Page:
I continue to get emails and comments from people expressing anger and frustration over Amtrak’s announcement that the Pacific Parlour Cars will be permanently removed from service during the first week of February.
A common theme runs through all of them: when it comes to the parlour cars, Amtrak decision-makers just don’t get it.
As I have noted in an earlier post, Amtrak fares for sleeping car accommodations are usually higher for the Coast Starlight than for comparable distances on any of the other long-distance trains—significantly higher. And that’s because of the Pacific Parlour Cars.
The Coast Starlight is one of Amtrak’s most popular trains, most of the time running full or close to it. On those days, the Sightseer Lounge car is filled to capacity, mostly by coach passengers. Many of them camp out there, hogging seats for hours at a time.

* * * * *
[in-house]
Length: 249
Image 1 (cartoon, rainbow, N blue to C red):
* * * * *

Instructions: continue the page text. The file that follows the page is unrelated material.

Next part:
When that happens, and when the train is operating without a parlour car, the only practical option for sleeping car passengers is to stay in their roomettes and bedrooms except when called to the dining car for meals. The net result? Passengers pay a substantial premium for a first class amenity (in this case, the Pacific Parlour Car), but end up, for all practical purposes, confined to their roomettes or bedrooms except when taking their meals in the dining car.
Finally, a petition being circulated demands that Amtrak continue running the Pacific Parlour Cars through this calendar year and, in the meantime, begin work to design and build a new generation of bi-level lounge cars to replace the Pacific Parlour Cars, but on every long-distance train.
Botton line: We should insist that Jack provide sleeping car passengers with first class amenities and service. After all, we’re already paying for it.